Recent events and lectures, Autumn 2005

Saturday 8 October 2005: 'The 17th century Book of Games by Francis Willughby of Wollaton'-Dr Dorothy Johnston, Keeper of Manuscripts & Special Collections, University of Nottingham

Dorothy's lecture treated us to images showing different forms of games, woodcuts of games in progress, the homes of the Willoughby family at Middleton in Warwickshire (which the Society visited in May), and Wollaton Hall, and illustrations from the Book of Games itself. Both Francis Willughby (b.1635) and his lifelong friend John Ray were early members of the Royal Society, founded 1660. John and Francis travelled in England, Wales and on the continent, observing and collecting. This classification of the observable world was going on in England fifty years before Linnaeus from Sweden produced his Systema Naturae in 1735. Francis died when he was 36, leaving his work almost entirely in notebooks and specimens, and Ray worked on his notes on fishes and birds in order to get these subjects published. But the Book of Games was handed down over the years, to eventually reside amongst the Middleton papers held by Nottingham University under Dorothy's care. She worked with David Cram and Jeffrey Forgeng, and the Book of Games is now published.
Leslie Cram

Saturday 10 September 2005: Excursion to Merevale Hall

The day began and continued with rain, but this did not dampen our spirits. The first visit was to the Gatehouse Chapel to Merevale Abbey. We were welcomed by the vicar, Janet Casper, who spoke about the church past and present, pointing out some of the medieval stained glass windows. Afterwards local historian Mrs Rita Poulson answered many questions. We then went down to the Abbey ruins, in the grounds of Abbey Farm. The churchwarden and Mrs Poulson spoke of the history of the Abbey itself, after which we went into Atherstone for lunch. The town has livened up in the last couple of years and is promoting itself as a book town, and has a tiny museum celebrating its history as a hatting centre. The afternoon was spent at Merevale Hall, where Mr Matthew Dugdale (left) showed us around. The house was fascinating: it had been neglected for a number of years until Mr Dugdale and his family spent much time and money on its restoration. Our interest was in one of the family's ancestors - Sir William Dugdale, the antiquary, who wrote the Antiquities of Warwickshire in 1656 and who advised Dr Thoroton when he was writing on Nottinghamshire. Adrian Henstock told us about the Thoroton/Dugdale connection, and a number of relevant documents were laid out for us in the library, a particularly beautiful room. The whole tour was enlivened by many family reminiscences. We visited the garden, before taking a splendid tea at Mansetter Memorial Hall.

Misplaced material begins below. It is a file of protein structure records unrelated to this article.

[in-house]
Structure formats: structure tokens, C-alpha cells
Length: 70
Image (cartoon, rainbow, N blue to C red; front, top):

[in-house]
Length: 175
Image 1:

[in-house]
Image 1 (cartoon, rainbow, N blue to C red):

Penny Messenger and Margaret Trueman